PTSD Fact Sheet
What is PTSD?
Post-Traumatic Stress Disorder (PTSD) is a psychiatric
disorder that develops following exposure to a life threatening event (rape,
physical assault, combat exposure), threat to one’s personal integrity, or
witnessing an event that involved death or injury to another person. It is
estimated that 7.8 percent of Americans will experience PTSD at some point in
their lives, with women twice as likely as men to have PTSD. About 5.2 million
American adults’ ages 18 to 54 have PTSD during the course of a given year. The
traumatic events that are most often associated with PTSD are rape, combat
exposure, childhood neglect, childhood physical/sexual abuse, physical attack,
and being threatened with a weapon.
What are the Symptoms of
- Re-experiencing the traumatic event
through intrusive memories, flashbacks, and/or nightmares of the event.
- Difficulty falling and/or staying asleep
- Irrational feelings/thoughts of being in
danger when there is no apparent danger
- An increase of anxiety or fear
- Difficulty concentrating or thinking
- Avoiding people, places, and/or
conversations that might remind the person of the traumatic event
- Losing interest in things he/she once
- Experiencing emotionally "numb"
- Increase in feelings of despair and
- Irritability or outbursts of anger
- Exaggerated startle response
- Hypervigilance (a constant state of
PTSD is associated with increased
likelihood of co-occurring psychiatric disorders. The following is a list of
psychiatric disorders that is most prevalent for people who have PTSD:
Alcohol/Drug Abuse and Dependency, Major Depressive Disorder, Conduct Disorder,
Generalized Anxiety Disorder, Social Phobia, and Personality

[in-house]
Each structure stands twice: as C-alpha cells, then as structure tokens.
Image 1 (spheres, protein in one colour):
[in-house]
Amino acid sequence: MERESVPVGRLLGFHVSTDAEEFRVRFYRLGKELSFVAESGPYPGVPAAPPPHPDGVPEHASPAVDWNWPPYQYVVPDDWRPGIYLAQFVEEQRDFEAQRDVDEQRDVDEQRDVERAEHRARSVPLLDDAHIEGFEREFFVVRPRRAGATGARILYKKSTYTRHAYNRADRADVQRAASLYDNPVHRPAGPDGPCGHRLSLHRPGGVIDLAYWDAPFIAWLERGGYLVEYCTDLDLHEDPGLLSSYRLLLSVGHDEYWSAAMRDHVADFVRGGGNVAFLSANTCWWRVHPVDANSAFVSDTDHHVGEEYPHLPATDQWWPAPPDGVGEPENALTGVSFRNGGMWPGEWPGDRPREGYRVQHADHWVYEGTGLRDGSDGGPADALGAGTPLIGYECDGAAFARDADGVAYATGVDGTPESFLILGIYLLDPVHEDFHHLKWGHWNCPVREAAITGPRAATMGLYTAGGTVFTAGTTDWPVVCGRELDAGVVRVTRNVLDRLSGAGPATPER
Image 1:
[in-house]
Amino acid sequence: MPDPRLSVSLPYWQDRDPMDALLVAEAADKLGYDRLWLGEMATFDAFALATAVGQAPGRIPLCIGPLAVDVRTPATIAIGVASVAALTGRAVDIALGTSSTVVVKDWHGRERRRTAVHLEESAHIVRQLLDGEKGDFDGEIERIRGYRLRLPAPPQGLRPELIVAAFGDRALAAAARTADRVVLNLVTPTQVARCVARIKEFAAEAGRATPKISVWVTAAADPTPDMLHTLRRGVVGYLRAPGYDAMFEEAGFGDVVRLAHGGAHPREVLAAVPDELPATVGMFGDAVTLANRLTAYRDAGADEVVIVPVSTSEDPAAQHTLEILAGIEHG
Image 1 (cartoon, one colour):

How is PTSD Treated?
There is no definitive treatment, and no
cure, but there are some treatments that are quit promising.
Cognitive-Behavioral Therapy is one method of treatment. Cognitive-Behavioral
Therapy involves reinterpreting negative cognitions that elicit highly charged
emotions. One form of Cognitive-Behavioral Therapy is Exposure Therapy which
uses careful, repeated, detailed imagining of the trauma (exposure) in a safe,
controlled context, to help the survivor face and gain control of the fear and
distress that was overwhelming in the trauma through the use of relaxation
A relatively new treatment that has shown
success at treating PTSD is Eye Movement Desensitization and Reprocessing
(EMDR). This mode of treatment involves elements of exposure therapy and
cognitive behavioral therapy; combined with eye movements, hand taps, or sounds
that creates a bilateral stimulation of the brain.
Medication has been effective in reducing
the symptoms of PTSD. Most of the medications that are prescribed to help reduce
the symptoms of PTSD are antidepressants and anti-anxiety medication. Be aware
that each individual who suffers from PTSD may exhibit different symptoms, which
then would determine the appropriate medication.
If someone in your family is experiencing
some of the symptoms above, talk with them and encourage them to get help by
having a psychiatric evaluation done by a licensed psychiatrist or psychologist.
The family member may have difficulty talking about the tragedy because it is
too painful, therefore be patient and understanding if he/she does not want to
talk about this issue. Educate yourself about PTSD to gain an understanding of
your family member’s behavior. Begin to observe what triggers off flashbacks and
startled reactions and attempt to minimize the triggers in the home that you
have control of. Remember, being supportive and understanding can make all the
For more information refer to the follow
Coping With Post-Traumatic Stress Disorder (PTSD): Dealing with
tragedy. By Carolyn Simpson and Dwain Simpson. New York: Rosen Publishing
How to Live with PTSD: The Causes and Characteristics of Posttraumatic
Stress Disorder. By Beverly J. Peterson and Richard W. Peterson. Cardiff by
the Sea, California: Consultors Incorporated, 2000.
PTSD in Children and Adolescents. By Spencer Eth. Washington: American
Psychiatric Press, 2001
Why Is Daddy Like He Is?: A Book for Kids About PTSD. By Patience
Mason. High Springs, Florida: Patience Press, 1992
Why Is Mommy Like She Is?: A Book For Kids About PTSD. By Patience
Mason. High Springs, Florida: Patience Press, 1997